Vigil for children killed in Timaru

An ever-increasing collection of flowers and toys have been laid on the driveway of the Queen St home where three children were killed last week. PHOTO: HELEN HOLT
An ever-increasing collection of flowers and toys have been laid on the driveway of the Queen St home where three children were killed last week. PHOTO: HELEN HOLT
Timaru tonight will hold a vigil for the three children killed in their Queen St home a week ago.

Two-year-old twins Karla and Maya Dickason and their 6-year-old sister Liane were found dead shortly after 10pm on Thursday, September 16. A woman on the property was taken to Timaru Hospital.

The children’s mother, 40-year-old Lauren Dickason, appeared in court on Saturday charged with their murders. She did not enter a plea, and was remanded to a secure forensic mental health facility in Christchurch for a psychiatric assessment, and is to reappear in the High Court at Timaru on October 5.

Timaru Hospital chaplain Alan Cummins has been asked by organisers to lead tonight’s event.

‘‘It will be a Christian service. It will be mainly reflective, with a few readings, and a moment of silence. We’ve invited people to light a candle in remembrance. It won’t be a long service.’’ ‘‘It’s just a chance to remember the girls and acknowledge the parents.’’

The vigil will be held today at 7pm outside the family’s Queen St address.

On Saturday, members of the community are invited to bring a flower to a floral float on Caroline Bay.

Graham and Lauren Dickason arrived in New Zealand last month with their daughters Liane and twins Maya and Karla.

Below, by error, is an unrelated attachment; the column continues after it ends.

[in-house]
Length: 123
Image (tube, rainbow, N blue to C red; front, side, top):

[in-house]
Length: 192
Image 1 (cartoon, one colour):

The South African family completed two weeks in managed isolation before travelling to Timaru where Mr Dickason, an orthopaedic surgeon, had a job with the South Canterbury District Health Board.

Just a week after they arrived in Timaru, Mrs Dickason allegedly killed the three children.

Mr Dickason arrived home from a work function about 9.40pm on Thursday night to find his three children dead. Police were called by a neighbour who heard his distress.

A relative of Mr Dickason was expected to arrive in New Zealand on Tuesday to support him.

Police have finished their scene examination of the house where the girls were killed and handed the property back to their grieving father.

Detective Inspector Scott Anderson said the examination of the scene was completed on Saturday night.

Det Insp Anderson, the officer in charge of the triple homicide investigation, met the grieving father on Monday.

‘‘We — police and Victim Support — are continuing to support Graham through this tragic time,’’Det Insp Anderson said.

‘‘I also know the South Canterbury District Health Board are also giving him heaps of support.’’

Det Insp Anderson said the investigation into the alleged triple murder was far from over. Alongside gathering relevant information for the prosecution, the coroner might also open an inquiry. It was understood any funeral details for the slain sisters were yet to be finalised.

Their bodies were removed from the scene on Friday afternoon and police formed a guard of honour as the hearse moved slowly away from the house.

The specific details of their deaths have been suppressed and cannot be reported.

helen.holt@timarucourier.co.nz

— Additional reporting The New Zealand Herald

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